Overall, cisgender males and females in the U.S. have similar rates of angina. NHANES data also showed that around 4.2% of cisgender males and 4.0% of cisgender females had been told by a healthcare provider that they had angina.

However, research has suggested that the prevalence rates of heart disease in cisgender females might be underestimated. Many people with angina who identify as women go undiagnosed—often for a long time—because they may not have the “classic” signs of heart disease.

Causes of Angina and Risk Factors

Angina is caused by coronary artery disease (CAD). Risk factors for CAD include:

Treatment can reduce the risk of complications from coronary heart disease, such as heart attack, heart failure, and stroke. 

Coronary heart disease is typically managed with lifestyle changes such as regular exercise and a nutritious diet, as well as medication to control cholesterol levels and blood pressure. Nitroglycerin might be prescribed to treat angina by increasing blood flow to the heart. In some cases, heart surgery is needed.

What Are the Mortality Rates for Angina?

People with angina have a significantly higher risk of life-threatening cardiovascular complications, such as heart attacks and heart failure. In the U.S., coronary artery disease is the leading cause of death.

Here are some statistics you need to know about angina-related mortality:

  • Around 1 in 5 deaths in the U.S. are caused by heart disease.
  • In 2020, about 382,820 people died from coronary artery disease.
  • Around 1 in 5 annual CAD-related deaths occur in people under the age of 65.
  • Coronary artery disease causes approximately one-third of all deaths of American adults over the age of 35.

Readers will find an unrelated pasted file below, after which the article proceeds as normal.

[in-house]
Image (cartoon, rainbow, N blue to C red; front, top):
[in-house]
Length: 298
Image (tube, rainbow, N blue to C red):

• According to the AHA, the overall annual mortality rate from coronary heart disease is approximately 102.6 deaths per 100,000 people.
  • Survival rates among patients with angina also vary according to their ejection fraction, which measures how much blood the heart can pump during each heartbeat. The 12-year survival rate for people with angina and an ejection fraction of greater than 50% is approximately 73%. The average 12-year survival rate for people with angina and an ejection fraction of less than 35% is 21%.
  • Mortality rates from coronary heart disease have declined in the U.S. in recent years. From 2003-2013, the annual CAD-related death rate declined by 38%, while the overall number of deaths from CAD decreased by 22.9%. About half of the decline was related to improved treatment, including a therapy to increase blood flow in blocked arteries (revascularization).

What Do Survival Rates Mean?

"Survival rate" refers to the average percentage of people who will survive a particular condition within a specified time. However, survival rates vary depending on symptoms, other health conditions, age, sex, treatment, lifestyle, and other factors.

Summary

Angina (angina pectoris) is chest pain caused by reduced blood flow to the heart muscle. Angina is a coronary artery disease (CAD), which can have fatal health complications like heart attack and heart failure. The risk of angina increases with age. The condition is more common among Black cisgender females and White cisgender males than among people in other racial groups. Cisgender males and females have similar rates of angina. While CAD is still the leading cause of death in the U.S., heart disease mortality rates have declined in recent decades.

A Word From Verywell

Angina can be hard to cope with, but you're not alone. It's a common condition and there are many of ways to get treatment. Talk to your healthcare provider if you experience symptoms you think could be from angina.

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Verywell Health uses only high-quality sources, including peer-reviewed studies, to support the facts within our articles. Read our editorial process to learn more about how we fact-check and keep our content accurate, reliable, and trustworthy.
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By Laura Dorwart
Laura Dorwart is a health journalist with particular interests in mental health, pregnancy-related conditions, and disability rights. She has published work in VICE, SELF, The New York Times, The Guardian, The Week, HuffPost, BuzzFeed Reader, Catapult, Pacific Standard, Health.com, Insider, Forbes.com, TalkPoverty, and many other outlets.